Gulaab Gang is a drama film based on Gulabi Gang, a group of Indian women vigilantes and activists dressed in pink saris, fighting against the social injustice and operating in the Bundelkhand region of central India. Wikipedia
Gulaab Gang Reviews
If you must watch this film, watch it for Juhi Chawla's inspired performance; it's the only bright spot in Gulaab Gang. Muddled and forgettable.
From its opening frame you discover that in its supposed feminist garb, ‘Gulab Gang’ is actually the old-style good vs evil story, styled in the tired way these films have been for the longest time. Its chief baddie is, ta da, a woman.
...may not be a typical film meant to taste success at the Box Office. The film does speak about issues that need urgent attention, but may not be enough to draw people to the theatres. But Juhi Chawla’s performance in the film isn’t worth a miss. So watch it for her.
For a real dose of women empowerment, watch Gulabi Gang, a terrific documentary on Sampat Pal, which is still running in select theaters.
Visually the film is seductive – pink saris in sepia dehaat — but its message is scary. While I had severe problems with its glorification of vigilante justice, there were a few moments when I was both thrilled and moved. I am ashamed.
The confrontations between Rajjo and Sumitra Devi should have been impactful, with the resounding echo when two strong personalities clash. Sadly, they don’t. These are major drawbacks that bring down a potentially good film.
Madhuri Dixit is a fantastic actor and the role of a strong minded rural woman who is willing to fight for her rights is not beyond her. Do watch her in Mrityudand and you’ll know what I mean. Here, she is saddled with a flawed script; something that she is not able to rise above. Meanwhile, you could watch this movie for Juhi Chawla. She is a revelation and we really hope the film industry takes notice!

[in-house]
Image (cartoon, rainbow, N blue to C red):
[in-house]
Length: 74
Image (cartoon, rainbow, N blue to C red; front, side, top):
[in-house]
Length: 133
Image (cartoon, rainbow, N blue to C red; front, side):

The film’s much-touted feminism seems especially counterfeit when a ruffian is forced by members of the gang to drape a sari and perform an impromptu dance, the implication being that, for a man, there can be no humiliation worse than that. Women who weave their own pink saris and are determined to put all pigs in their place, even if they are in the make-believe world of Gulaab Gang, should be the last people to enforce a stereotype that Hindi films have perpetuated for decades.
There are too many tangents, navels and nose-rings, diverting focus from Rajjo, the story's driving force. Instead of knowing how and why she becomes the tigress of Madhavpur, we're given mellifluous songs, intercut with soon-repetitive scenes of exploitation. Considering the subject's intense power and the charisma of these stars, the movie's hesitation with how to proceed stands out.
This is one of those films that thinks it achieves a higher purpose and stands for oppressed women everywhere. But it’s the complete opposite. What’s more, it isn’t even entertaining cinema.